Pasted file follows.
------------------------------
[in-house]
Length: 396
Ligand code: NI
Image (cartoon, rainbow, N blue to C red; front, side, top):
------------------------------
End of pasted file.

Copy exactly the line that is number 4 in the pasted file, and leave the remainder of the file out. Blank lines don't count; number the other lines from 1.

Image (cartoon, rainbow, N blue to C red; front, side, top):